How Buying a Carpet Works You've likely heard the term location, location, location. Well with haggling it's attitude, attitude, attitude. There are many different techniques to effectively haggle over prices, but wow what a smile can do!

Before shopping create a conversion chart from 1 to 10 dirhams to your own currency based upon the current rates posted at the local banks - not from the internet! You'll need to refer to this list as you counter offer so you'll know what it equals in your own currency by adding zeros to the amount of course. It's much quicker than using a calculator and avoids errors.

Keep in mind that collectors will have the first go at any genuine antique quality carpet. The chance that any tourist walking in the door will find one right away is probably very rare. But if you're after something really special you'll have to ask specifically for that. Only then will they tentatively show you something. It may be a few streets away in a back alley house, but do go and investigate. If you don't know your carpets they can tell. So do your homework and be prepared to do some serious haggling - even over a number of days - if you don't want to go home with something worth a fraction of what you paid.

Remember haggling is a game of patience. There is a formality to the process that goes like this. When you walk in the door they will assume you know nothing about carpets. First you'll be welcomed to Morocco and asked where you come from. This allows them to size you up and find out which currency you will be paying in. Then you'll be asked if this is your first time in Morocco. This allows them to know how much you know about haggling.

You'll next be offered a cushy seat and served sweet mint tea. Do drink the tea. It's good for energy! But take your time to look around the shop before settling in for his grand presentation. He'll summon his staff to roll out the best carpets one by one and tell you everything about them. You'll be dizzy after viewing 10 - 15 - 20 carpets of all sizes and colors. Then they'll whittle it down to the one you should buy.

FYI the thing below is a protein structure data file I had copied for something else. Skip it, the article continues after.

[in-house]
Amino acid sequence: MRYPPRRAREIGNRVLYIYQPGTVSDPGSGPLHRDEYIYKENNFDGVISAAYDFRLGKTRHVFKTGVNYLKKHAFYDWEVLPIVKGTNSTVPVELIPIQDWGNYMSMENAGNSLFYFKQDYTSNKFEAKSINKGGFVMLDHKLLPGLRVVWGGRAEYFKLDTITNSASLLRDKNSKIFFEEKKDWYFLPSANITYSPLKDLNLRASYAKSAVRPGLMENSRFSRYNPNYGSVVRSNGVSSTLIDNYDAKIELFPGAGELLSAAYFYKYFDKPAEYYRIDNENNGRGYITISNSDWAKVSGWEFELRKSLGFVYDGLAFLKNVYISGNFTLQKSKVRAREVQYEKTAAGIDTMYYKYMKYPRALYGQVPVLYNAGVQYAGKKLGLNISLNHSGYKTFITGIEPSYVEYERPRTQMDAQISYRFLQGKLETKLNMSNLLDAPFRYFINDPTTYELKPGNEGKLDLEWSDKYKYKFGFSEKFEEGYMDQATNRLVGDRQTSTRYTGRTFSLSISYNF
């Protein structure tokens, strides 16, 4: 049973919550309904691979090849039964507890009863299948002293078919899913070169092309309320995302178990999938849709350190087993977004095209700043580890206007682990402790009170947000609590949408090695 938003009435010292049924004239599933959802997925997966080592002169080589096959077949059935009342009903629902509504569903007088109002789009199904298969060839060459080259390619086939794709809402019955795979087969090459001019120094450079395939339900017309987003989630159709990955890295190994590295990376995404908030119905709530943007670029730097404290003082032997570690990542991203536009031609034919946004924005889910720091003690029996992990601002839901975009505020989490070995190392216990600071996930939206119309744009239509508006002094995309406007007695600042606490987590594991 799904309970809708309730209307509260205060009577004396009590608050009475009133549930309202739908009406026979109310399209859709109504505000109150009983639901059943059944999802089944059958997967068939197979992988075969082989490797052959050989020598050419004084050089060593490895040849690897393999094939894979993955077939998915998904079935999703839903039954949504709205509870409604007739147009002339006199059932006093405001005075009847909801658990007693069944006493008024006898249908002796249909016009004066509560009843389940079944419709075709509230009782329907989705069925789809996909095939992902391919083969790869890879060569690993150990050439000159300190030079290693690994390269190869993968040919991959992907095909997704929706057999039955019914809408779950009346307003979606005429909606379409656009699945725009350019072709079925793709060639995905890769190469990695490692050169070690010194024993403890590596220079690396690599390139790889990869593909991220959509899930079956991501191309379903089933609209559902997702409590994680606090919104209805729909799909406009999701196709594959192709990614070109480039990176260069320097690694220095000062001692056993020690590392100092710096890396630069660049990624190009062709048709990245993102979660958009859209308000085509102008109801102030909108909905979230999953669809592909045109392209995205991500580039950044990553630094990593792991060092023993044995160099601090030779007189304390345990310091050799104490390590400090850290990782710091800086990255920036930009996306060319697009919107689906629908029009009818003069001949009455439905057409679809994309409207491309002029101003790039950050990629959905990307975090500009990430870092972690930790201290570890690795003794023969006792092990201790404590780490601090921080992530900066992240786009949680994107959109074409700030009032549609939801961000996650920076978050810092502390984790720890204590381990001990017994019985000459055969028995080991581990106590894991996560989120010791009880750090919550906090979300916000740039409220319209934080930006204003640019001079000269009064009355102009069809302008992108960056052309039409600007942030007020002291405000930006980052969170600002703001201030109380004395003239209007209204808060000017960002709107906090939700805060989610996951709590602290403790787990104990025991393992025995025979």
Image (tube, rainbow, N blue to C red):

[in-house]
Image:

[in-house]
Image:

If you're truly not interested don't fake that you are, just to be polite. It's time to leave. If he won't let you out of the shop and is blocking your way, just look away and plow through with a polite farewell.

On the other hand you may have seen one or two that look great, but it's best to not show too much interest. No ooo-ing and ahhh-ing over the beauties! Be casual. Ask to have them put aside so you can view them separately off the pile. Get up and have a closer look. Take your time to go over the quality 10 point list and check them out, front and back. Bring your lighter to do a burn test. Ask questions. Take your time. Never hurry.

At this point a bus load of tourists might have entered the shop and your seller will suddenly be on their trail making you feel abandoned. But if you've definitely found the one you want, leave and come back later when they are not busy. Don't wait a few days because if your carpet was truly unique and gorgeous, by then it might have sold.

Closing the Deal

OK so now you are ready to take the plunge and make an offer. Remember don't hurry. Be fair!

1. First make it clear you want to bargain in dirhams. Avoid bargaining in euros, or american dollars, or any foreign currency values. The price will always be higher.

2. They will start the bargaining process by presenting a number over the moon. It may be presented in writing. If his price is not too ridiculous, counter offer that amount by 1/2 to 2/3rds. Don't sound too eager. If you think of what you would pay for this carpet back home, keep that in mind and start with 2/3rd of that number converted to equivalent dirhams of course.